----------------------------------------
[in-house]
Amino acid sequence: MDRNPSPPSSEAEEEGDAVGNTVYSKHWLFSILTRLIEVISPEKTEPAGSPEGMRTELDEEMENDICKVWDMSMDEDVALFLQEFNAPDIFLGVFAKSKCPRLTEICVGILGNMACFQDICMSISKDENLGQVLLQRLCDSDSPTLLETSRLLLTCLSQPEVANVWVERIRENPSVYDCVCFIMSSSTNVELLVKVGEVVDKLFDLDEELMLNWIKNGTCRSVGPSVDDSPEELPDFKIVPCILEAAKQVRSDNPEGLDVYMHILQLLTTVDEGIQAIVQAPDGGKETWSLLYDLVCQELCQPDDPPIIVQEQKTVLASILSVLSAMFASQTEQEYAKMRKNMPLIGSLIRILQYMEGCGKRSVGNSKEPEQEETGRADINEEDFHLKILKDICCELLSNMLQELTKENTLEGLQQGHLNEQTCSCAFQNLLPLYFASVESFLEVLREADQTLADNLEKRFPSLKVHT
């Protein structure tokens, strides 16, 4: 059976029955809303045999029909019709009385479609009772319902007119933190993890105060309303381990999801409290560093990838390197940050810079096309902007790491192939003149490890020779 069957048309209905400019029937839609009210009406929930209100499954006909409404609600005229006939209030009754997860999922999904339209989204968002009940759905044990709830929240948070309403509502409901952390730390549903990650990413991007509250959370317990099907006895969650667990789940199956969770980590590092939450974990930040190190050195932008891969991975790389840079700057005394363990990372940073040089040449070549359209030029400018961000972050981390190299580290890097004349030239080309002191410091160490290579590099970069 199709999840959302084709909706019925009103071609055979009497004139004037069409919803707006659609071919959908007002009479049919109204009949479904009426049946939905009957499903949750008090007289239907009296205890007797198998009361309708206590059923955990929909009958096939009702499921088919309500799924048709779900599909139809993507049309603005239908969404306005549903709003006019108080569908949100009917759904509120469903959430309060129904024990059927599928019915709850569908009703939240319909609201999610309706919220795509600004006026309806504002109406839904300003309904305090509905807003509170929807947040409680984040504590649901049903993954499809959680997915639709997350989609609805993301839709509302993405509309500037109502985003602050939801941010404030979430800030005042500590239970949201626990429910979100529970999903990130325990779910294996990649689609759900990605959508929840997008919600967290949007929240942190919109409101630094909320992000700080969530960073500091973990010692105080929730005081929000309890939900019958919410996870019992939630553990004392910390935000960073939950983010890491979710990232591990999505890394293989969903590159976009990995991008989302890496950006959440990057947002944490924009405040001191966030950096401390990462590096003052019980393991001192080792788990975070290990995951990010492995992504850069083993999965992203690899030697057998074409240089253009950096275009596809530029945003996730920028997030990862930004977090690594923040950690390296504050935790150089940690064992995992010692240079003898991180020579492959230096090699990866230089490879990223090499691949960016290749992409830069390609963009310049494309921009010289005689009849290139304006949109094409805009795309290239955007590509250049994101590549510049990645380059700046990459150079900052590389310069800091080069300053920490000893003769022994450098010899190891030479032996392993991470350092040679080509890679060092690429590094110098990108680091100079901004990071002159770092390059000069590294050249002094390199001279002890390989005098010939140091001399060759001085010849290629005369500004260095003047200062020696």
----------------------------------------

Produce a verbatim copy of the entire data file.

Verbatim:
[in-house]
Amino acid sequence: MDRNPSPPSSEAEEEGDAVGNTVYSKHWLFSILTRLIEVISPEKTEPAGSPEGMRTELDEEMENDICKVWDMSMDEDVALFLQEFNAPDIFLGVFAKSKCPRLTEICVGILGNMACFQDICMSISKDENLGQVLLQRLCDSDSPTLLETSRLLLTCLSQPEVANVWVERIRENPSVYDCVCFIMSSSTNVELLVKVGEVVDKLFDLDEELMLNWIKNGTCRSVGPSVDDSPEELPDFKIVPCILEAAKQVRSDNPEGLDVYMHILQLLTTVDEGIQAIVQAPDGGKETWSLLYDLVCQELCQPDDPPIIVQEQKTVLASILSVLSAMFASQTEQEYAKMRKNMPLIGSLIRILQYMEGCGKRSVGNSKEPEQEETGRADINEEDFHLKILKDICCELLSNMLQELTKENTLEGLQQGHLNEQTCSCAFQNLLPLYFASVESFLEVLREADQTLADNLEKRFPSLKVHT
């Protein structure tokens, strides 16, 4: 059976029955809303045999029909019709009385479609009772319902007119933190993890105060309303381990999801409290560093990838390197940050810079096309902007790491192939003149490890020779 069957048309209905400019029937839609009210009406929930209100499954006909409404609600005229006939209030009754997860999922999904339209989204968002009940759905044990709830929240948070309403509502409901952390730390549903990650990413991007509250959370317990099907006895969650667990789940199956969770980590590092939450974990930040190190050195932008891969991975790389840079700057005394363990990372940073040089040449070549359209030029400018961000972050981390190299580290890097004349030239080309002191410091160490290579590099970069 199709999840959302084709909706019925009103071609055979009497004139004037069409919803707006659609071919959908007002009479049919109204009949479904009426049946939905009957499903949750008090007289239907009296205890007797198998009361309708206590059923955990929909009958096939009702499921088919309500799924048709779900599909139809993507049309603005239908969404306005549903709003006019108080569908949100009917759904509120469903959430309060129904024990059927599928019915709850569908009703939240319909609201999610309706919220795509600004006026309806504002109406839904300003309904305090509905807003509170929807947040409680984040504590649901049903993954499809959680997915639709997350989609609805993301839709509302993405509309500037109502985003602050939801941010404030979430800030005042500590239970949201626990429910979100529970999903990130325990779910294996990649689609759900990605959508929840997008919600967290949007929240942190919109409101630094909320992000700080969530960073500091973990010692105080929730005081929000309890939900019958919410996870019992939630553990004392910390935000960073939950983010890491979710990232591990999505890394293989969903590159976009990995991008989302890496950006959440990057947002944490924009405040001191966030950096401390990462590096003052019980393991001192080792788990975070290990995951990010492995992504850069083993999965992203690899030697057998074409240089253009950096275009596809530029945003996730920028997030990862930004977090690594923040950690390296504050935790150089940690064992995992010692240079003898991180020579492959230096090699990866230089490879990223090499691949960016290749992409830069390609963009310049494309921009010289005689009849290139304006949109094409805009795309290239955007590509250049994101590549510049990645380059700046990459150079900052590389310069800091080069300053920490000893003769022994450098010899190891030479032996392993991470350092040679080509890679060092690429590094110098990108680091100079901004990071002159770092390059000069590294050249002094390199001279002890390989005098010939140091001399060759001085010849290629005369500004260095003047200062020696």